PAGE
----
Day 4, by tour standards, was an easy day. But it was still a total of 60 miles with over 3,000 total feet of climbing.
As you would expect, hydration is a very important part of long distance cycling. Once a rider gets dehydrated, it is very difficult to catch up. I know -- I have done it a few times. So far, I have been doing well in that department. I drink a lot of water at night and before I leave in the morning. Of course, hydration leads to a lot of bathroom breaks. On the road, another name for a public bathroom is a tree. In eastern Wyoming and western South Dakota, it may be a bush or very large weed. Riders are discreet, but it's not unusual to see a bike off to the side of the road with no rider to be seen. Fortunately, we are usually on low traffic roads.
The route today was very scenic. We were in high plains with few trees and a lot of sagebrush. Looking over our back shoulder one could see Mt. Hood and off to the side, three snow covered mountains which I believe are called Three Sisters. Even with a tailwind for part of the ride, I was tired at the end. A DQ next to the motel supplied me with a Chocholate Extreme Blizzard.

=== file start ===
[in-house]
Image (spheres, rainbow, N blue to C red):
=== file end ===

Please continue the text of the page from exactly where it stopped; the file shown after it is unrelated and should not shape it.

Each ride starts with breakfast than loading our luggage on the luggage van. The first picture is of two of our International riders after they have loaded their luggage. Lucy is from London and Michel is from Quebec. Lucy just finished college and is taking a break before either work or grad school. She is a continually upbeat and happy person. This is Michel’s second ABBike tour. He speaks English with a thick French accent. I am trying to learn to speak English with a French accent also. I think that would make me very cool. No one is impressed so far. The second is Jim and Jeff, two of the staff, loading the van.
Tomorrow will be a very long day, 116 miles -- just short of twice as far as we road today. It will be a challenge so I hope there's a DQ in the next town.